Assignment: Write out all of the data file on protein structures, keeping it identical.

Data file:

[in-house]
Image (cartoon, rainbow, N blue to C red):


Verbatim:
[in-house]
Image (cartoon, rainbow, N blue to C red):